I would try using double-sided outdoor carpet tape as a temporary fix to establish the best position and quantity for your purposes, then fasten them permanently with aluminum strips cut from drink cans and POP rivets.
     
  7. archeryrob
    Joined: Dec 2008
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    Location: Western maryland

    archeryrob Junior Member

    The plan is to just spread the polypropylene hull wide. and cut the bow lower.

    It's going to be like this when finished, but maybe slightly higher in the bow and top deck. This is a sculling boat and the stern sweeps up in the back. I am not sure I can get this hull to do that with out re-vacuforming it.
    [​IMG]

    I know it's not going to be really stable, but well enough for a guy sitting with a kayak paddle. I was just looking for ideas for improvements on the chines or a better way to help reduce drag from the square stern.

    It will have 3/4" pipe with welded flanges screwed to the stern when 1/2 pipe can be slide in. This wil allow wheels to be attached and rolled to where ever we hunt. Paddling is only a minor use. I know it's going to be doggy. I just don't want it to be horrid when it could be slightly improved.

    In its main use it we roll it a 1/2 mile, place it in 2" to 4" of water and shoot waterfowl and keep the man dry while laying down or sitting up. Have you all seen the Hybrid duck boats? I was looking to do something very similar as these are very stable but do not track, period. This should hold up better on rocks than wood and fiberglass and tack better with the bow.

    I would like a little advice, beside, "Are you that stupid!" ;)
     
  8. archeryrob
    Joined: Dec 2008
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    archeryrob Junior Member

    Remember guys, the use is completely different. This is made to lay in, shoot out of and cover with grass. Even though it's a boat paddling, and being underway, is a sideline for this boat.
     
  9. ancient kayaker
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    ancient kayaker aka Terry Haines

    Here's some advice. Make a small model of the canoe - it doesn't have to precise - using thin card or even paper. Then look at what happens when you spread the sides.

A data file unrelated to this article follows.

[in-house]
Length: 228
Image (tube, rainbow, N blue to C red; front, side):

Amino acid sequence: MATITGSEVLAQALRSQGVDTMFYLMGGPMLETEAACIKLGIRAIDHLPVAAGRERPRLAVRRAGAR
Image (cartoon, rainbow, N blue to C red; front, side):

If you decide to revisit the stitch and glue approach note that Dynel is more abrasion-resistant than fiberglass.
     
  10. gonzo
    Joined: Aug 2002
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    gonzo Senior Member

    It will more work and you will end up with a lower quality product by modifying that canoe. Build a sneakbox or if you want something simple a jonboat.
     
  11. archeryrob
    Joined: Dec 2008
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    Location: Western maryland

    archeryrob Junior Member

    Thanks guys, I will give it a shot as it is and see what happens.

    My one buddy wants a sneak box and they are great on open water and marshes. But fiberglass and rocks just don't mix. If this works later on I might make one with a welder and aluminum to different specs.
     
  12. archeryrob
    Joined: Dec 2008
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    Location: Western maryland

    archeryrob Junior Member

    I need recommendations for a glue for the polyethylene and wood at the transom. I plan to glue and then racket strap the hull to the transom for even pressure all around. I read about using contact cement but I know how much trouble PE can be to glue. Later the outside edge of the hull and transom will be fiber glassed taped and epoxied so the glue is extra insurance.

    I measured the hull again and expanded the bottom hull width to 36" and both side chines to 6" and it's about 44" at the beam width just above the water line now. I will be able to stretch that though the 1/3 back for the boat. Combined with the fact the cabin access hatch is only 2' wide the man in the boat will not be able to do much but most keep the weight near mid ship and not shift to the sides to roll it.
     
  13. archeryrob
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    archeryrob Junior Member

  14. BATAAN
    Joined: Apr 2010
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    BATAAN Senior Member

    So you're making a ducker? 8'6" is awfully short. Better to make it 12'.
     

  15. hoytedow
    Joined: Sep 2009
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    hoytedow Carbon Based Life Form

    Good luck getting that to hold polyethylene.